Nova Laser Computer Control Room, 1985.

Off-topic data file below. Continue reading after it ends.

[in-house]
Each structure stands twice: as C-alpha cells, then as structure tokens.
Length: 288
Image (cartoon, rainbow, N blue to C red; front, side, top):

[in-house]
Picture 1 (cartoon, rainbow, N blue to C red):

At the Nova laser, located at Lawrence Livermore National Laboratory, four identical operator consoles interchanged information with the laser’s four subsystems – power conditioning, laser alignment, beam diagnostics and target diagnostics, to precisely control and monitor this complex, electro-optical system. What was at the time the world’s largest and most powerful laser, Nova consisted of hundreds of moveable mirrors, motors, cameras, and mechanical devices which had to be precisely controlled and monitored. Approximately 50 Digital Equipment Corporation LSI-11/23 microcomputers and five VAX 11/780 computers made up the control system. The 50 micros, called front-end processors (FEP), were the system’s chief building blocks. They were connected to nearly 5,000 control devices and sensors. Nova’s control system had four subsystems that corresponded to the four major areas of the laser and a central control system to tie it all together. 1) The power conditioning system regulated the hardware that fired 150 disk amplifiers, 22 rod amplifiers and 42 Faraday rotators in the 10-arm Nova laser. 2) The laser alignment system steered the 10 Nova laser beams along their 250-meter paths. 3) The beam diagnostics system characterized each of the 10 laser chains at key locations measuring beam energy, pulse shape and timing, and positioning of the KDP frequency conversion crystals. 4) The target diagnostics system recorded signals from a wide variety of instruments. This system was flexible enough to accommodate different target designs and changing diagnostic needs. The first Tron movie used the Nova laser for its location shots.